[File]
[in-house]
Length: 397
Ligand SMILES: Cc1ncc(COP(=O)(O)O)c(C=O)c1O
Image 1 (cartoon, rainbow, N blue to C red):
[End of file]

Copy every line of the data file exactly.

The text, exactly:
[in-house]
Length: 397
Ligand SMILES: Cc1ncc(COP(=O)(O)O)c(C=O)c1O
Image 1 (cartoon, rainbow, N blue to C red):